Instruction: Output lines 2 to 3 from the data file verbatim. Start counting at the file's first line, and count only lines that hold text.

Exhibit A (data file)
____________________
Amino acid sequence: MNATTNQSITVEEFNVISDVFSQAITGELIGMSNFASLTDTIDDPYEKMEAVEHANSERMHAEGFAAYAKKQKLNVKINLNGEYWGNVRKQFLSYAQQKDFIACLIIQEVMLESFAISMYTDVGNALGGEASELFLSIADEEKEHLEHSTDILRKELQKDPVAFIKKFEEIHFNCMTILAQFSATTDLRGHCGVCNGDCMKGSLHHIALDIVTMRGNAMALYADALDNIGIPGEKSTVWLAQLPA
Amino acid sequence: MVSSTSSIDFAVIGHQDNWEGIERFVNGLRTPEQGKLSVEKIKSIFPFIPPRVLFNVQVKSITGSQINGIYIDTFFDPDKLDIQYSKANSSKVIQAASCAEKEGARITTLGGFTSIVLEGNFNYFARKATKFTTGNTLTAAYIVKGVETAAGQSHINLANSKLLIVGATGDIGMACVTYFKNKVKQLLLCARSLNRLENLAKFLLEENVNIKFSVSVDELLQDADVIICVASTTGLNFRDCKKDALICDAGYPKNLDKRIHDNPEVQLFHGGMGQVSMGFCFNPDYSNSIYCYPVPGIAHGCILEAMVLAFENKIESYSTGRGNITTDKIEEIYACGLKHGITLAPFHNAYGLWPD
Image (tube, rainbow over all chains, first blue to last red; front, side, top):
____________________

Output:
Amino acid sequence: MVSSTSSIDFAVIGHQDNWEGIERFVNGLRTPEQGKLSVEKIKSIFPFIPPRVLFNVQVKSITGSQINGIYIDTFFDPDKLDIQYSKANSSKVIQAASCAEKEGARITTLGGFTSIVLEGNFNYFARKATKFTTGNTLTAAYIVKGVETAAGQSHINLANSKLLIVGATGDIGMACVTYFKNKVKQLLLCARSLNRLENLAKFLLEENVNIKFSVSVDELLQDADVIICVASTTGLNFRDCKKDALICDAGYPKNLDKRIHDNPEVQLFHGGMGQVSMGFCFNPDYSNSIYCYPVPGIAHGCILEAMVLAFENKIESYSTGRGNITTDKIEEIYACGLKHGITLAPFHNAYGLWPD
Image (tube, rainbow over all chains, first blue to last red; front, side, top):